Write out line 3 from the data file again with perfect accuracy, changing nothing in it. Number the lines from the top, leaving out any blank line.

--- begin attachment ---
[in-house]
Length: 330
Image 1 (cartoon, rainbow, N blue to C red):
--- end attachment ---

Image 1 (cartoon, rainbow, N blue to C red):